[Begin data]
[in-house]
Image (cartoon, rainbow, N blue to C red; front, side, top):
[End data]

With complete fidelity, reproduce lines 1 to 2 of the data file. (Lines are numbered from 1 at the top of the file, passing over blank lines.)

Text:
[in-house]
Image (cartoon, rainbow, N blue to C red; front, side, top):